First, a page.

Family Man

on December 22, 2000 by Christine James
   A musing on the pivotal forks in the road of life (following the now well-worn path of road-less-traveled films like "Sliding Doors," "Run Lola Run" and "Me Myself I"), this what-iffer focuses on Jack Campbell, a mega-successful, self-absorbed investment broker (Nicolas Cage) who has everything he wants in life--or does he?

   A chance encounter with a presumably angelic entity (Don Cheadle) whose task is to take human form and test people's strength of character zaps Jack into the life he would have lived had he foregone his career ambitions and married his college sweetheart, Kate (Tea Leoni). Jack tries to ditch the nightmare to which he has awoken, on Christmas Day, no less, only to find that his previous persona no longer exists: None of his coworkers recognize him and his building doorman throws him out on his ear. With nowhere else to go, he reluctantly returns "home," only to get an earful from his parallel-universe spouse.

   The two-kids-and-a-dog package is anathema to Jack, who longs for his flashy car and designer suits but, finding himself a tire salesman and not a Wall Street hotshot, is instead stuck with a minivan and a Men's Wearhouse budget. Even his sexy, sprightly wife doesn't tip the scales in favor of suburban life, as her emotional needs clash with his id-driven, selfish inclinations. Frustrated, confused and resentful (after a beleaguering family trip to the mall, he exasperatedly concedes, "We'll get a funnel cake. It'll be the highlight of my week"), he's ready to blow it all on an affair with a this-side-of-desperate silicon-enhanced neighborhood housewife when, darn the luck, his two-sizes-too-small heart begins to grow.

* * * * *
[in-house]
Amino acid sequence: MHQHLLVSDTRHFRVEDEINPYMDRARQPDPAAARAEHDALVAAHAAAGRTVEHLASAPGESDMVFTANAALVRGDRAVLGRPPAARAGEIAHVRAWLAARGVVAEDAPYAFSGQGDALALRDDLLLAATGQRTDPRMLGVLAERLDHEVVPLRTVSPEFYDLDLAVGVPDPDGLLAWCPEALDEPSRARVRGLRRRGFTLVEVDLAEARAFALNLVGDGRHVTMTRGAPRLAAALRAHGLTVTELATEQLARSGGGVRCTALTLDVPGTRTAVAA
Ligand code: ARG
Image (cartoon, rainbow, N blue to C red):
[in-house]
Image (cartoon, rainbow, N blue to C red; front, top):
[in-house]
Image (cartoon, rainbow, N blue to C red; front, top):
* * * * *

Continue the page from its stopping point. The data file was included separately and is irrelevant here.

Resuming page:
A paean to mundanity, this romantic drama is out to demonstrate that it's the little things in life that count. But when Jack wants to have it all and takes action to get back on top of his game career-wise ("I'm going into arbitrage, honey--turns out I have a knack for it"), the little woman squelches his aspirations by whining about having to move their precious poppets into the city. Apparently, being a "family man" demands nothing less than martyrdom.

   This film has enough moments of veracity and humor to keep it entertaining but it's difficult to find resonance or inspiration when singledom is equated with unbridled hedonism and settling down means just plain settling. Starring Nicolas Cage, Tea Leoni, Jeremy Piven and Don Cheadle. Directed by Brett Ratner. Written by David Diamond and David Weissman. Produced by Marc Abraham, Tony Ludwig, Alan Riche and Howard Rosenman. A Universal release. Romance/Drama. Rated PG-13 for sensuality and some language. Running time: 126 min

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